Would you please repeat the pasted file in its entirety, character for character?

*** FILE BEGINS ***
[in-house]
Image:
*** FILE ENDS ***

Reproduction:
[in-house]
Image: